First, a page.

Behemoths are usually terrifying biblical monsters, who or what is the behemoth in your film?

In this film, the title of Behemoth refers to human kind's greed and lust.

How did you choose the people who would become the documentary’s focus?

I chose the characters and their professions based on what I wanted to express in the film and the film's structure. But of course, whomever I meet is more about destiny, this is how it has always been with my work.

Something very noticeable about the documentary is that there is no dialogue. Why did you decide not to use voices?

I prefer films that are narrated purely by visual images. Films that are based on dialogues or voice-overs make the visual language redundant. I wanted to try in this film, to narrate my story with visual elements only.

Of course, I understand that each topic has its own style or expressive means, and this has to do with each filmmaker's taste and aesthetics.

You use lines from Dante’s Divine Comedy as subtitles that narrate the film. What parallels did you see with the poem and the subjects of your visual essay?

To me, to use Dante's Divine Comedy, was a concept I wanted to apply in the structure and the characters of my film. I was not attempting to exacerbate the visual elements by mixing them with Dante’s poetry; I wanted to create a simple interaction, a contrast.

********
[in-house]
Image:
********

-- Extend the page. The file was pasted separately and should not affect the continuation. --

It is as if what Dante wrote 800 years ago has become today a prophecy, and to me, my film is some sort of allegory or fable of the future.

Behemoth and your previous film Petition are now censored in China. How did you manage to film in the mines without raising suspicions? Does censorship of your work scare or anger you?

I was born and raised in China. I have been dealing with this reality for so many years, and have learned how to cope with reality's constraints, so I have learned how to obtain and gain access to the images I need to film.

The fact that most of my films cannot be shown publicly in China is a huge pity to me, because these films only have a meaning and value when there is an interaction with the Chinese public, my public. I also know that reality is never ideal, it is never what we expect. Even with all these constraints though, like many other independent filmmakers in China, we keep working to keep our own integrity.

Click here to book tickets to see the film at FACT from Friday 26 August.